But our righteous indignation at being cut off from our beloved Gunmen was cut short one day that fall.



September Eleventh happened.

And it hit way too close to home.

Months before, the very first episode of The Lone Gunmen aired--it's plot centered around a conspiracy to crash a plane into the World Trade Center.

I don't think my lungs have ever actually emptied completely of air until that precise moment because it felt like my chest had caved in.

I'd watched that episode at least three dozen times and now here it was being played out on the news with a much less happy ending.

The whole world shattered that week, as it is wont to do when a generation defining event occurs in history, and suddenly there were flags everywhere and lost looks on faces on the street and everyone was so shaken because no one had seen it coming.

Not even those of us who had watched the pilot saw it coming. It was one of those 'what ifs' like every other conspiracy theory on TV that had ever been written.

But this was real. Real.

And for me, this made all of the words that the Gunmen had ever spoken more real too. The silent mourning that was everywhere and the pulling together was personified by the idealism of those three men.

While everyone else watched the news, I watched the Gunmen.



Again and again and again, burning every word into my brain until I could recite episodes backwards and forwards.

I guess it's how my mind chose to cope with the fact that the USA wasn't as powerful as I'd always believed and we could be just as easily crippled as anyone else.

In those hours that I spent in the flickering light of my television, I realized why I latched onto the Gunmen so tightly.

These men represented everything I wanted to be. Their ideals and mine were the same, I just hadn't understood that yet. They were hope, they were integrity, they were good men in a world full of bad ones...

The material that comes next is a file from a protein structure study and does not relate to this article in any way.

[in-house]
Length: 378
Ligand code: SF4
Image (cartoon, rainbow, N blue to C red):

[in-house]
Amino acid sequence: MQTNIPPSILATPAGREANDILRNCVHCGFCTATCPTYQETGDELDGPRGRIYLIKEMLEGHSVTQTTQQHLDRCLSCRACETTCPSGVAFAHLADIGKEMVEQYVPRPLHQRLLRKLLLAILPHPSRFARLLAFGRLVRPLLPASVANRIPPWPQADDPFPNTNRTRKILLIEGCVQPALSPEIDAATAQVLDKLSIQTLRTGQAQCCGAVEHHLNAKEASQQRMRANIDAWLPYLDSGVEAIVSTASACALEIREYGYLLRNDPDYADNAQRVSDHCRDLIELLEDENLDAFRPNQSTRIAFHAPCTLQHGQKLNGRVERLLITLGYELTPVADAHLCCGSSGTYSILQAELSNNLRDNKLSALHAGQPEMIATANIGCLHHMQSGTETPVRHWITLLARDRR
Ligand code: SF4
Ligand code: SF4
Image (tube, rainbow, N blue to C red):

They were the underdogs who faced the odds and won anyway.



A picture of them was quickly photocopied and tacked up on my bedroom wall as a reminder.

It stayed there for a couple of months.

And then I got sick.

I just woke up one morning, stumbled to the bathroom and was sick.

I sweated, I shook, I threw up--

The most excruciating pain I'd ever even conceived of was everywhere and nowhere and in every place in between.

And then fifteen minutes later, it was gone. Just...gone. Like it'd never been there before.

I thought it was food poisoning from the hot dog I'd had for dinner the night before and dismissed it as a one time deal.

It wasn't.

It happened again.

And again.

And again.

It happened for weeks; going to doctors, going to emergency rooms...

I can clearly recall having my blood pressure taken during one of those fits and the numbers were just outrageous. My pulse was at 130.

I remember that because the display was right there and the way the face of the technician turned green at the sight with a 'That can't be right'.

He ran it again and it was still high, but nowhere near 'she's about to have a stroke' level.

They carted me off to a room where I promptly passed out from exhaustion and pain and awoke feeling as normal as ever.

Everyone was baffled.

"Send her for tests."

Several more weeks of appointments followed and still no one could tell me what the hell was happening to me.

My photo of the Gunmen took up residence in my coat pocket.



I don't even know what possessed me to fold it up and take it with me the first time, but it stayed with me at all times. Absurd as it sounds, having them nearby made me feel safer. Lent some normalcy to the fact I was seemingly dying and nobody knew why.

I started losing weight. A lot of weight. When it's hard to keep food down, that tends to happen. I got pale and gaunt and weak because I wasn't getting enough nutrients and it was starting to show.